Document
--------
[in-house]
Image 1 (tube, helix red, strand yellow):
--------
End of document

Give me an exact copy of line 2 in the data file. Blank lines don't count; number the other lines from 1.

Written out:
Image 1 (tube, helix red, strand yellow):